How a Visit to an LA County Museum Inspired a Future Biologist – NBC Los Angeles

on Mar2
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Miguel Ordeñana remembers the day vividly.

He was 5 years old, exploring the dark but fascinating
exhibits of the Los Angeles County National History
Museum.

“I was [there] with my mom, giving her a headache,” he recalled.

Like other kids, he found himself running around the Hall of
African Mammals, where exhibits of gorillas, ostriches and elephants were
displayed in the constructed habitats. Then, Ordeñana’s mother said something
that would set him on the path to his career.

“‘They’re not alive, but it’s real. All these things that
you see here are real,” he said. “That was enough to get my mind working.”

The seeds of Ordeñana’s future as a wildlife biologist had
been planted. He would grow up to bring his passion to hundreds of children
visiting the museum today – 32 years later – working as a community science
manager.

Ordeñana’s family lived in a large apartment complex in Los
Feliz, south of Griffith Park. Just blocks away, he would make a name for
himself while working for the United States Forest Service. He and another
scientist placed cameras on trees around the famed park, looking for species
living there in complete biological isolation because of the dangerous freeways
on all sides. They expected to find deer, raccoons and the like.

And then, just a month after they began the project, a mountain
lion walked in front of one of the cameras.

“It was a revelation,” Ordeñana said. “Like seeing Bigfoot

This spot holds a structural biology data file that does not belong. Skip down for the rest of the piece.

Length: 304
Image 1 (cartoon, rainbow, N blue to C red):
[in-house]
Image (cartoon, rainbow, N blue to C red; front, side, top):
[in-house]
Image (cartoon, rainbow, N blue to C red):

or La Chupacabra for the very first time.”

A young male puma the team named “P-22” had defied the odds,
crossing freeways to live in Griffith Park alone. His very existence cemented Ordeñana’s
“life passion,” telling the world about wildlife in big cities – where it’s least
expected.

“You got to believe in yourself sometimes,” Ordeñana said.

It’s something he said he tells the kids who visit the
museums “community science” wing. Its mission, according to manager Michelle
Race, is to dispel a common misconception.

“When you live in a city, it’s easy to believe everything is
concrete and that nothing ‘exists’ here,” she said.

Ordeñana’s field work, according to Race, defies that
belief. He and his cameras are finding bats in LA – he’s already documented 12 different
kinds.

“Nature also exists in your backyard, or in a planter that’s
next to you,” Race said.

Race believes discovering nature at home connects children to
their communities like nothing else can. It’s an experience Ordeñana had as a
young boy and now pays forward with his colleagues by taking kids on scientific
field trips, showing them wonders beneath their feet and at their fingertips.

“My mission is to really cultivate that next generation,” he
said.



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